Bahrain Needs Data on Domestic Abuse to Counter Violence Against Women during COVID-19
The COVID-19 pandemic has posed significant social challenges in many countries, including Bahrain. These challenges, in turn, affect the personal protection of women against domestic violence. In Bahrain, the pandemic has revealed the absence of a unified database on domestic abuse cases. This is due to the weak coordination between three main entities: civil society organizations, the Supreme Council for Women, and security forces.
In Bahrain, the pandemic has revealed the absence of a unified database on domestic abuse cases.
Dr. Huda Al-Mahmoud, head of Dar Al Aman Shelter for Women confirms this claim by arguing that, “the center has documented two domestic violence cases related to COVID-19. There will probably be an increase in cases, but there is no common database that we can rely on. Many cases of abuse remain unreported because many women prefer to remain silent due to fear or social restrictions.”
During the pandemic period, the state has mobilized its energies to provide a social safety net by activating family departments in police stations that document, protect, and follow up on cases of domestic abuse. The state has also allowed women employed in the government sector to stay home in order to care of their families, while simultaneously continuing to receive their monthly salaries. Fearing the possibility of laying off workers, the government plans to pay the salaries of both, female and male employees working in certain institutions of the private sector for a three-month period.
The Supreme Council for Women led by Princess Sabeeka Sabika bint Ibrahim Al Khalifa has undertaken several initiatives to support women. The Council has served more than six thousand families by providing in-kind assistance, psychological, family and economic counseling, as well as judicial and educational services. A direct support service was also allocated through the council’s "Women's Support Center" which provides women with a tool of communication through a chat system. This makes it easier for women to get in touch with the center and to obtain the needed support.
For their part, civil society organizations have also mobilized efforts during the pandemic by providing women with psychological counseling through an established hotline. However, according to Bahraini women’s rights activist Farida Ghulam, COVID-19 has not created any change in reported cases of domestic violence against women. She adds, “as we follow up and monitor incoming cases, most women's support centers keep asking for help in family and psychological counseling and on methods to deal with this period.”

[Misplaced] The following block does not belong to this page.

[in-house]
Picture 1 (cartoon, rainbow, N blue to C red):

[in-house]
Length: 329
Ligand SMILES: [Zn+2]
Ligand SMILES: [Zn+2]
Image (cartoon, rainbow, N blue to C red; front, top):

However, according to Bahraini women’s rights activist Farida Ghulam, COVID-19 has not created any change in reported cases of domestic violence against women.
In parallel, a number of doctors and psychological counselors have launched a similar initiative that provides free medical consultations during the pandemic. Dr. Sharifa Swar, a psychotherapy and cognitive behavior specialist, confirms that there is an increase in the number of women who have been subjected to psychological pressure by staying home to take care of their children without the support of their partners.
In conclusion, we can argue that Bahrain has not witnessed a significant or steady increase in domestic violence against women, in comparison to other countries during the COVID-19 pandemic. This is due to the fact that the state has not enforced a complete lockdown, but rather reduced the movement of work within institutions to the lowest levels, and only mandated the most vulnerable groups to work from homes.
This in turn eased the direct friction between married couples. In addition, the initiatives undertaken by the government and civil society institutions provided women with reliable support systems that played an important role in reducing the pressure that women face during this difficult time.
However, the biggest and most critical gap remains the absence of a common database among Bahraini agencies which can help in better coordinating efforts and setting a joint national strategy to confront domestic violence against women.
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Middle East Program
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Middle East Women's Initiative
The Middle East Women's Initiative (MEWI) promotes the empowerment of women in the region through an open and inclusive dialogue with women leaders from the Middle East and continuous research. Read more